Hepatocellular adenoma is considered to occur exclusively in non-fibrotic livers. It is a heterogeneous entity and a molecular classification is now widely accepted. The most frequent hepatocellular adenoma subtype, namely inflammatory adenoma, harbor somatic activating mutations of genes involved in the interleukin-6 pathway that lead to high C-reactive protein and serum amyloid A expression. The aim of our study was to investigate a series of benign hepatocellular neoplasms developed on cirrhotic livers and characterized by an unequivocal histological diagnosis. We performed a clinical, pathological, and molecular study of 10 benign hepatocellular neoplasms developed in three patients with cirrhosis. Markers allowing hepatocellular adenoma classification were assessed by quantitative real-time PCR and immunohistochemistry. Samples were sequenced for CTNNB1, HNF1A, IL6ST, GNAS, STAT3, and TERT (promoter) mutations. A control series of 32 classical macronodules developed in cirrhosis related to various etiologies was screened by immunohistochemistry and gene sequencing. The three patients had cirrhosis related to metabolic syndrome and/or alcohol intake; two had a single tumor, while the third developed more than 30 lesions. Microscopic examination showed well-differentiated neoplasms sharing features with inflammatory adenoma including inflammatory infiltrates, sinusoidal dilatation, and dystrophic vessels. Sequencing revealed classical hotspot somatic mutations (IL6ST, n=8; STAT3, n=1; and GNAS, n=1) known to be responsible for IL-6/JAK/STAT pathway activation. Two classical high-grade macronodules demonstrated high serum amyloid A and/or C-reactive protein expression, without gene mutations. Altogether, our findings support the existence of rare inflammatory adenoma developed in cirrhosis.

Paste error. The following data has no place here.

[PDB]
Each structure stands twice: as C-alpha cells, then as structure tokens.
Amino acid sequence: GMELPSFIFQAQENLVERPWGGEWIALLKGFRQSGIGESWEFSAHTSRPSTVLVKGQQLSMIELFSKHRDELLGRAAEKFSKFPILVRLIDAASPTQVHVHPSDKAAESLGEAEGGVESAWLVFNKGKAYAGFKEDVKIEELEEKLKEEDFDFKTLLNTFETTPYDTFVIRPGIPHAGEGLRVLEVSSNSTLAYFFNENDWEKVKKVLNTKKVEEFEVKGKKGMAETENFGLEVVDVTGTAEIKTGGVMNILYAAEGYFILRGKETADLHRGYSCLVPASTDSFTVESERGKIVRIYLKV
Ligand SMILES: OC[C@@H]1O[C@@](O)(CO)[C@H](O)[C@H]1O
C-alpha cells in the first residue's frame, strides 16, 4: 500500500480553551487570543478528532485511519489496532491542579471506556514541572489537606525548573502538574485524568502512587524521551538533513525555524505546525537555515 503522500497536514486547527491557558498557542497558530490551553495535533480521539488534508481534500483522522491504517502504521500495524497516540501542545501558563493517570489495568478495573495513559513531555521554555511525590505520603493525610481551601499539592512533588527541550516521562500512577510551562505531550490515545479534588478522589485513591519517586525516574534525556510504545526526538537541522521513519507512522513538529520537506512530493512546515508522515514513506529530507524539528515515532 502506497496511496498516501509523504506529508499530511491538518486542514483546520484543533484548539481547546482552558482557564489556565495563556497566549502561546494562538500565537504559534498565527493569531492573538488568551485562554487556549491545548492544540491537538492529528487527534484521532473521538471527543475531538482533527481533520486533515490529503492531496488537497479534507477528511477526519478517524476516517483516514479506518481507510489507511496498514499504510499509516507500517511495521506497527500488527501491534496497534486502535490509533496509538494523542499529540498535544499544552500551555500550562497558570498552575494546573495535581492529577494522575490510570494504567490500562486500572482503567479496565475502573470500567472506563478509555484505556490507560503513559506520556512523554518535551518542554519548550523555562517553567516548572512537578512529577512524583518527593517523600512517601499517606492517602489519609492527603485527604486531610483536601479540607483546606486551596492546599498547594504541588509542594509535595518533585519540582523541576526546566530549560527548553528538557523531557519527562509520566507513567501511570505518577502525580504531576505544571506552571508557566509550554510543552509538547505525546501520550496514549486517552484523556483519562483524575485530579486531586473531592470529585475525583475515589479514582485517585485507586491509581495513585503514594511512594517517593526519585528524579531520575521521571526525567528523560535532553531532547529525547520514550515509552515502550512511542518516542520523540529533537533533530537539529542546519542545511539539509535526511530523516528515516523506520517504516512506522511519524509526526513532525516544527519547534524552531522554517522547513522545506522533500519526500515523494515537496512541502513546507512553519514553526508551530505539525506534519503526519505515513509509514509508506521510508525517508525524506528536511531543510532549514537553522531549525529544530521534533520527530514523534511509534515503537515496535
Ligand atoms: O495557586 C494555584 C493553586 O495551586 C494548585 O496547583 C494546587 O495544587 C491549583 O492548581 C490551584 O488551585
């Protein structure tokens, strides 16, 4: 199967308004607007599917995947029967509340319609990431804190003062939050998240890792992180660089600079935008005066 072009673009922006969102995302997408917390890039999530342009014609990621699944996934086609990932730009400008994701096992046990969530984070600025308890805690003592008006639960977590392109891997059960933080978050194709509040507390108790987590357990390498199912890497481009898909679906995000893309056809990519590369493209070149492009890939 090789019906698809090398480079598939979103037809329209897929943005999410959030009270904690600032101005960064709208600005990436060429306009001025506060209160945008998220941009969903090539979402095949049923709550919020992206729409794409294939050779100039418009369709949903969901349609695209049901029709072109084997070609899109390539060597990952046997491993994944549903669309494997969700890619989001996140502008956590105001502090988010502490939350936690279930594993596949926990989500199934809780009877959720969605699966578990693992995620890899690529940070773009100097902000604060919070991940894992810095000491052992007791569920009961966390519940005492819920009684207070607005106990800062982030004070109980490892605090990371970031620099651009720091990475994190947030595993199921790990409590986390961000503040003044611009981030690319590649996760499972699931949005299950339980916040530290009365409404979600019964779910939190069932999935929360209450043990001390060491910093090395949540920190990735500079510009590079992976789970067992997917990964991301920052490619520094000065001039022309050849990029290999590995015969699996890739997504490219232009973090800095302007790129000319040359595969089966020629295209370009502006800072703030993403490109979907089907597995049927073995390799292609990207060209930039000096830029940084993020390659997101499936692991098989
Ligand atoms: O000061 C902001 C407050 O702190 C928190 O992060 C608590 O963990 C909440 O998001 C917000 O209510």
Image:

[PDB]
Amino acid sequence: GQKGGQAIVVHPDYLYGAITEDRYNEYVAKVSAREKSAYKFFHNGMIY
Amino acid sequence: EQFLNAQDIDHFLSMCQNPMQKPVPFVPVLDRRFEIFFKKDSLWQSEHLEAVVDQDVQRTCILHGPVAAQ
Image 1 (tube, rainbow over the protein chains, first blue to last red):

Hepatocellular adenoma is a rare and benign neoplasm that typically occurs in young women with a history of long-term use of oral contraceptive drugs.1 It is defined as a monoclonocal proliferation of well-differentiated hepatocytes that show no or mild histological atypia.1 Recent molecular studies have shown that hepatocellular adenoma is a heterogenous entity, and a molecular classification comprising four subgroups has been proposed, and is now widely accepted.2, 3 The first group of hepatocellular adenoma (30% of all hepatocellular adenoma) is defined by bi-allelic, inactivating mutations of a transcription factor involved in liver differentiation and metabolism, HNF1A (hepatocyte nuclear factor 1A).4 HNF1A-inactivated hepatocellular adenomas are histologically usually characterized by a massive steatosis in the tumor.3, 5 Beta-catenin-mutated hepatocellular adenomas (15–20%) are characterized by CTNNB1-activating mutations responsible for constitutive Wnt/Beta-catenin pathway activation.2, 6 This subgroup has the higher risk of malignant transformation,3, 6, 7 and microscopic examination may demonstrate moderate atypia.2, 5 The third group of hepatocellular adenoma, namely inflammatory adenoma (about 50% of all hepatocellular adenomas), harbor somatic gain-of-function mutations in either IL6ST, FRK, JAK1, STAT3, or GNAS genes activating the interleukin-6/JAK/STAT pathway.3, 6, 8, 9 They are histologically characterized by sinusoidal dilation, inflammatory infiltrates, and dystrophic vessels often surrounded by fibrotic tissue. An immunohistochemical panel has been developed to allow pathological identification of all three hepatocellular adenoma subgroups and inflammatory adenomas are characterized by an overexpression of the C-reactive and serum amyloid A proteins in tumor hepatocytes.5 The last hepatocellular adenoma subgroup is unclassified hepatocellular adenoma.